On this four day trip alone â€“ and already chronicled here in Eclipsed â€“ Tom has met in order â€“ Tom Hooper (dir of The Kings Speech and Les Mis), Eddie Redmayne, Gwyneth Paltrow, Drew Barrymore, Jack Black, Dustin Hoffman, Reece Witherspoon amongst others and now I need to add James Bond to the list.
Yesterday at a luncheon for The Impossible at the Ivy at the Shore on the beach at Santa Monica, Tom bumped in to Pearce Brosnan, who like many of the people above, had just seen the film and I am loathe to write here what they said. Save to say that Pearce was incredibly generous and gracious. He signed off by saying that he hoped he might get to work with Tom one day before hopping in his muscular Aston (what else?) and I had to restrain myself from taking a picture.
You see, I have met Jackie before. I say met, but it was only very fleeting and she only said three words to me â€“ Youâ€™re soÂ funny.
Yesterday, without embarrassing her, I quickly gave Jackie the chance to recognise me and of course she couldnâ€™t. This was at least 15 years ago andÂ my prompting her with the three words she had utteredÂ wasÂ no help either, soÂ I enlightened her. It was on The Clive James Show at the BBC in White City. I was the guest before Jackie and she had watched my interview on a monitor and said those words to me as we passed in the green room afterwards. An episode in my life I was unlikely to forget but understandably less formative and memorable for her.
Over lunch we discussed books â€“ as you do, two seasoned best-selling novelists that we are! Jackie has a new blockbusting, door stopping, thumping new novel due out in Feb â€“ and in fact so do I. My first novel forÂ 10 years is being published as an ebook in Jan. (I didnâ€™t bother to submit to publishers)
I said to JackieÂ as we partedÂ â€“ â€œJackie, youâ€™ve written more books than Iâ€™ve soldâ€. SheÂ laughed andÂ repeated thoseÂ three wordsÂ to me and I laughed as well. How strange to be where I am andÂ suddenly I amÂ reminded of Eclipsed and how I am able to have lunch in California with one of the worldâ€™s biggest selling authors.
From there, Tom and I got ready for the Premiere last night.Â It wasnâ€™t as exciting at Toronto (the first ever red carpet in Sept this year) or in London just gone â€“ but it was no less special.
Ewan McGregor and Noami Watts were ever present and on hand to take Tomâ€™s hand as they have done for years now. At dinner last night, Ewan told me that he has never made a film like this before. A film that took six months to shoot and has been two years in post-production and in that time, everyone involved has become very close. More good fortune for Tom having Ewan and Naomi as his on screen parents. I donâ€™t know many film stars. Actually, I only know two – and I canâ€™t imagine meeting two kinder and more adjusted people than Ewan and Naomi. Tom has a special friendship with the director, JA Bayona and one of the real privileges for us in this whole process was getting to become close friends with the Belon family, whose real life story inspired this film.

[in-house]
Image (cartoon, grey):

I have enjoyed writing Eclipsed as much as I have watching it unfurl. No project has ever consumed so much of my time and effort butÂ endeavour is another theme running through this whole story. Whether Tom is talented or not, what is without question is just how hard he has worked and he deserves the success he is enjoying now and for however long it lasts.
I am pleased and proud of the ebook that will be available soon â€“ at no good bookshops.
Twenty years of my life against five years of Tomâ€™s, it is a story about a family and for my family.Â Like allÂ things in my career, I have high hopes for it.
The ebook has been aÂ pleasure to write by a dad as bemused as he is proud and if nothing else, it can serveÂ as a thank you to a great many people. To myÂ boys of course but also to my wife, without whom this story just would not have happened.
Nikki was right all along. Ou sonÂ could dance and now our job as parents is to keep those tapping feet of his on the ground.
Eclipsed is over â€“ and this site will morph in to a general site and blog.
If you see the film, I hope you enjoy it and that this site or the ebook will put it in to context for you.
Thank you to all of theÂ people who have followed since the beginning, particularly those who have helped me spread its word. You know who you are, thanks again.